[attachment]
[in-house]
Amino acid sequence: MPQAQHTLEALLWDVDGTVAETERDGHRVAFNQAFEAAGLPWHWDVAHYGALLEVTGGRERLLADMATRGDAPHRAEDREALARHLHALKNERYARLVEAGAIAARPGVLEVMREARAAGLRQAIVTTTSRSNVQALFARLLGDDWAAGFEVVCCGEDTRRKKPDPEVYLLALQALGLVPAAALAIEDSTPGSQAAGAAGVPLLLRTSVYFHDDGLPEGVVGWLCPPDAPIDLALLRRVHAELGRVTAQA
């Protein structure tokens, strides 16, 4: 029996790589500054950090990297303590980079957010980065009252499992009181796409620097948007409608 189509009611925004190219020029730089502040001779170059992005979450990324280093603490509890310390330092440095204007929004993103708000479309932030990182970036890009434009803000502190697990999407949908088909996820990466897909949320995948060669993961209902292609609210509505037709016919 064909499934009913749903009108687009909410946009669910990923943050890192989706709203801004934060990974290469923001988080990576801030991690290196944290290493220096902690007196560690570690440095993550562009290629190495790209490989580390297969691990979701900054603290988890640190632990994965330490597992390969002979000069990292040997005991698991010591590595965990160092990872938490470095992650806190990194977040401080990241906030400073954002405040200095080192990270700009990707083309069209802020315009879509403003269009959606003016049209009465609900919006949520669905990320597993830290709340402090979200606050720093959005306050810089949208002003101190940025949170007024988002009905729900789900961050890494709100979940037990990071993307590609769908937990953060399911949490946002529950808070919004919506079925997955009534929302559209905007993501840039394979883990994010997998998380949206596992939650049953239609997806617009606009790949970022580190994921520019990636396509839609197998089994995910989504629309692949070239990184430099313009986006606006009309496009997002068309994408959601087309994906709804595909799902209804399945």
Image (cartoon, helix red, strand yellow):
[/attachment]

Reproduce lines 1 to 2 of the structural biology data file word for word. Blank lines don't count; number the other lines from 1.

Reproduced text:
[in-house]
Amino acid sequence: MPQAQHTLEALLWDVDGTVAETERDGHRVAFNQAFEAAGLPWHWDVAHYGALLEVTGGRERLLADMATRGDAPHRAEDREALARHLHALKNERYARLVEAGAIAARPGVLEVMREARAAGLRQAIVTTTSRSNVQALFARLLGDDWAAGFEVVCCGEDTRRKKPDPEVYLLALQALGLVPAAALAIEDSTPGSQAAGAAGVPLLLRTSVYFHDDGLPEGVVGWLCPPDAPIDLALLRRVHAELGRVTAQA